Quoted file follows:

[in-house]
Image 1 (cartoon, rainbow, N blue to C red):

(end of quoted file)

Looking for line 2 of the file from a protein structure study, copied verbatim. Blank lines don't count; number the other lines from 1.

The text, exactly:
Image 1 (cartoon, rainbow, N blue to C red):